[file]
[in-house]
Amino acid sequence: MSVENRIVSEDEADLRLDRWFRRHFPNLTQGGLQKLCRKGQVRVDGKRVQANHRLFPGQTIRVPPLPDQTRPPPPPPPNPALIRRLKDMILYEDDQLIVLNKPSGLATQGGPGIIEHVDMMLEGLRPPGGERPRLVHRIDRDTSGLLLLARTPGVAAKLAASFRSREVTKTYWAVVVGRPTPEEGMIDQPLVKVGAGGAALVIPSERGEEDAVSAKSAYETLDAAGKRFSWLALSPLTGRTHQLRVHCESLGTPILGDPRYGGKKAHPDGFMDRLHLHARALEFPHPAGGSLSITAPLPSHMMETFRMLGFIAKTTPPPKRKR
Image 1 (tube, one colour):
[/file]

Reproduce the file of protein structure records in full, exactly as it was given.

[in-house]
Amino acid sequence: MSVENRIVSEDEADLRLDRWFRRHFPNLTQGGLQKLCRKGQVRVDGKRVQANHRLFPGQTIRVPPLPDQTRPPPPPPPNPALIRRLKDMILYEDDQLIVLNKPSGLATQGGPGIIEHVDMMLEGLRPPGGERPRLVHRIDRDTSGLLLLARTPGVAAKLAASFRSREVTKTYWAVVVGRPTPEEGMIDQPLVKVGAGGAALVIPSERGEEDAVSAKSAYETLDAAGKRFSWLALSPLTGRTHQLRVHCESLGTPILGDPRYGGKKAHPDGFMDRLHLHARALEFPHPAGGSLSITAPLPSHMMETFRMLGFIAKTTPPPKRKR
Image 1 (tube, one colour):